{{featured_button_text}}
Longview math and state standards

The Longview School Board Monday night adopted a new elementary math curriculum that officials hope will improve state test scores and better matches what the state expects kids to learn, educators said.

“Ready Math” has shown promise in three Oregon school districts that adopted it recently, and it played to rave reviews among Longview elementary school teachers who are using it on a pilot basis this spring, officials said.

The district was scheduled to update K-5 core instructional materials this year, and Instructional Coach Ryan Chinchen led a committee of teachers, math specialists and a principal to review the math curriculum.

One option was to continue to use the current curriculum, Math in Focus, but Chinchen said “it was not an option looking at the data.”

“We’re lagging behind the state line,” he added.

Math scores are a problem across Washington, and Longview is particularly struggling. In 2016-17, only 35.5 percent of third graders met the state standard in math for the Smarter Balanced Assessment test, according to the state school superintendent’s office. The statewide average was 58 percent.

Scores for Longview fourth- and fifth-graders were about the same. And scores dropped for third- and fourth-graders from the previous year, though fifth-graders meeting the standard increased by 6 percentage points.

The current curriculum, Math in Focus, was developed before the state adopted “common core standards” in 2011, Chinchen said.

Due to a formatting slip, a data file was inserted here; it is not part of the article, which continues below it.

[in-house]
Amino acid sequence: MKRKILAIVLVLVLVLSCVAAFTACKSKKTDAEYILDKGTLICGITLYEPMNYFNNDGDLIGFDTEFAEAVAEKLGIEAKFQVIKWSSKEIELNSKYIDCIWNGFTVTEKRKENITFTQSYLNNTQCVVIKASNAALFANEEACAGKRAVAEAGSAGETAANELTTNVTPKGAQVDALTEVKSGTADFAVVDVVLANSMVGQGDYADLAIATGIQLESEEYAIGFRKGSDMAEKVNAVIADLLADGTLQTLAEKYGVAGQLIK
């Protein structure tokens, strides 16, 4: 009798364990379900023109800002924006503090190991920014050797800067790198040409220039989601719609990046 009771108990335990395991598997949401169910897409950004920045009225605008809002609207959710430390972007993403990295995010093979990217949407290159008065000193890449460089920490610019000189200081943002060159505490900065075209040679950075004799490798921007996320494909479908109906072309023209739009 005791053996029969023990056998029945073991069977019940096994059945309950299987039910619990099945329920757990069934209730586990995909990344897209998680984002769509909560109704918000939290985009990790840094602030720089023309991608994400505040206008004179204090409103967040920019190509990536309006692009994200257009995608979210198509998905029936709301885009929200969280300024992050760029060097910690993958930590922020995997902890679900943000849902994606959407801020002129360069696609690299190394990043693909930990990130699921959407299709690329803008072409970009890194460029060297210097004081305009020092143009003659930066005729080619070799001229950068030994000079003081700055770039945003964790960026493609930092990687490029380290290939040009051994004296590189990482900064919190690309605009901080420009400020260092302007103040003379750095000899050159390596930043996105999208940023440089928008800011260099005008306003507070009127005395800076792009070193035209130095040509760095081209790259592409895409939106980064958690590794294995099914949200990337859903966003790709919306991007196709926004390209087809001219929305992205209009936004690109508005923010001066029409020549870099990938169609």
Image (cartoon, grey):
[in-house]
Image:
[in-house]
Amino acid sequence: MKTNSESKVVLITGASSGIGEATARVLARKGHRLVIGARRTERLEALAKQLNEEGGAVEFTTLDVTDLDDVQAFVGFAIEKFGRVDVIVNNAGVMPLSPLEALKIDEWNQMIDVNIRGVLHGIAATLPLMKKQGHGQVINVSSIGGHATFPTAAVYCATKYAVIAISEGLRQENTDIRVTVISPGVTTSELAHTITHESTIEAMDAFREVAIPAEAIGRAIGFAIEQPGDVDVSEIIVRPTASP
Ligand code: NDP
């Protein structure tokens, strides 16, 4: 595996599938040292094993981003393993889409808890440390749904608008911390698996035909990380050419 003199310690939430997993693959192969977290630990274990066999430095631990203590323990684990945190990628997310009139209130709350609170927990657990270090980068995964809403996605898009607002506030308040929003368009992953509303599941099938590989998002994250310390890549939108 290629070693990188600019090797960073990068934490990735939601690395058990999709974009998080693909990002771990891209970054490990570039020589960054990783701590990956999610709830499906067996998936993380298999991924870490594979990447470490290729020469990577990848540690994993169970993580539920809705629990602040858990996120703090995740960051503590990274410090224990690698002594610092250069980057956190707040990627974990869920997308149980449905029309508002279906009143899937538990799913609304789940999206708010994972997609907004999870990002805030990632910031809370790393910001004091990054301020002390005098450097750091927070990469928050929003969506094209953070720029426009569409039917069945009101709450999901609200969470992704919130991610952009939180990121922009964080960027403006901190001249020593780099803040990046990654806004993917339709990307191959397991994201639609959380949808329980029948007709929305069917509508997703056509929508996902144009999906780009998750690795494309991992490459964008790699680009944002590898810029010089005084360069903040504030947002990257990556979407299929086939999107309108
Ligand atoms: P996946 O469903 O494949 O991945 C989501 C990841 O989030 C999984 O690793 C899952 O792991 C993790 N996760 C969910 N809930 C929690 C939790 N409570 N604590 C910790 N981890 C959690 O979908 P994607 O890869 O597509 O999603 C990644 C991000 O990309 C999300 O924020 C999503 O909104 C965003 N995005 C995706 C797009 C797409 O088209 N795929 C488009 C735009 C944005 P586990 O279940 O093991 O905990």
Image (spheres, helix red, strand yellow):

Common core standards are academic learning goals for grades K-12 in math and English language arts. Common Core sets goals or standards that focus on deeper understanding of basic subjects in order to better prepare students for success in college, work and life.

Superintendent Dan Zorn said math scores are low partially because Math in Focus is out of sync with state standards. However, he said, “I’m not certain that we’re asking enough for our kids.”

“I believe that the new materials that we have are going to help us with that in terms of raising our expectations,” Zorn said.

During public comments, Longview Councilwoman MaryAlice Wallis asked how elementary school students would transition out of Ready Math and into a different curriculum in middle and high school. Zorn said that though different, the two curriculums “have a very similar underpinning philosophy.”

Instructional materials for middle school and high school math were updated last year using the same criteria as the elementary school math review.

“A student walking into sixth grade should have the prerequisite skills,” Chinchen said.

The seven-year contract with Ready Math is quoted at about $785,000, though the district is negotiating that cost because it already pays for one part of the package, iReady Diagnostic tests.

Subscribe to Daily Headlines

* I understand and agree that registration on or use of this site constitutes agreement to its user agreement and privacy policy.
0
0
0
3
1

Load comments